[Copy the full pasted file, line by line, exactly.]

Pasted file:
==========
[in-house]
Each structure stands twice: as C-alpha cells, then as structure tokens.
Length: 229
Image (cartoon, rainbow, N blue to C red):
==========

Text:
[in-house]
Each structure stands twice: as C-alpha cells, then as structure tokens.
Length: 229
Image (cartoon, rainbow, N blue to C red):